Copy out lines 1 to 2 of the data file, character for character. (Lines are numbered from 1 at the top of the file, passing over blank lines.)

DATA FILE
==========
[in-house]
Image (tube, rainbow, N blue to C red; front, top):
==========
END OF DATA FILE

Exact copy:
[in-house]
Image (tube, rainbow, N blue to C red; front, top):